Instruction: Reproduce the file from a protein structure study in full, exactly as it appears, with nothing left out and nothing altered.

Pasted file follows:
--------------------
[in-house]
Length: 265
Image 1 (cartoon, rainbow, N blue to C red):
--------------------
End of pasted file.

[in-house]
Length: 265
Image 1 (cartoon, rainbow, N blue to C red):